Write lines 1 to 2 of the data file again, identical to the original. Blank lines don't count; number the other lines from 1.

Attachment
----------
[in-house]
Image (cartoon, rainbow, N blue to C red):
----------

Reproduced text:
[in-house]
Image (cartoon, rainbow, N blue to C red):